The display has a black-light display stand that allows students to see minerals glow, a compass pointing to a “false North” due to a meteorite’s magnetic pull, and a mysterious Buddha-like statue with unknown origins.

Amphibole from an unknown location. Donated by donor number 2535.

“My favorite specimen has to be the mud deposit with a preserved yellow jacket in it,” says Wronkiewicz. “It is 30-40 million years old, but the preservation of that stinging insect is clearly displayed.”

Calamine Stalactite from Granby, Missouri. Donated by Col. J. Kingston.

The Mineral Museum is open daily during regular business hours when classes are in session at Missouri S&T. Special guided tours can be arranged by contacting the GGPE department at rocks@mst.edu.

S&T Academy of Mines and Metallurgy inducts new members

Eleven graduates of Missouri University of Science and Technology were inducted into the Missouri S&T Academy of Mines and Metallurgy on April 20.

The academy is an advisory group that was founded in 1954. The group includes graduates and others who have made outstanding contributions to their professions. [Read more…]

Learning for life

Ken Boyko, a former federal government scientist, leads a lab for Remote Sensing Technology in McNutt Hall. Sam O’Keefe/Missouri S&T

Ph.D. student not slowing down after 30-year career as federal government scientist

“The trouble with retirement is you never get a day off.”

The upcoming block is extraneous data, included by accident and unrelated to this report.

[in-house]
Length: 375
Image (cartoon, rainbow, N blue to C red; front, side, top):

Former University of Texas men’s basketball coach Abe Lemons popularized that one-liner in a long-ago interview. Missouri S&T doctoral student Ken Boyko embraces that sentiment to a degree few can hope to match.

At 65, Boyko is preparing to complete a Ph.D. in geological engineering, perhaps as soon as this fall. His research focuses on how LIDAR (light detection and ranging) scanners can be used to “see through” vegetation that might otherwise prevent detection of potential falling rock. The research could enhance safety along highways and bridges and also involved a project for the U.S. Navy, which wants to use the technology as a navigational aid for self-driving off-road vehicles.

[Read more…]

S&T students win WARDJet challenge — and new waterjet

The Missouri S&T Rock Mechanics Explosive Research Center team won a new WARDjet waterjet during a competition in September in Chicago. Wearing green shirts, from left team members Jay Schafler, Marty Langenderfer, John Rueschmann and Jeff Heniff put together a WARDjet to win the competition. It was installed at Missouri S&T on Tuesday, Nov. 1.

The Missouri S&T Rock Mechanics and Explosives Research Center team won a new WARDjet waterjet during a competition in September in Chicago. Wearing green T-shirts, from left team members Jay Schafler, Marty Langenderfer, John Rueschmann and Jeff Heniff put together a WARDjet to win the competition. It was installed at Missouri S&T on Tuesday, Nov. 1.

A team of Missouri University of Science and Technology students helped bring a new waterjet cutting machine to campus — and the machine will help propel research into expanding areas and show new uses for the technology.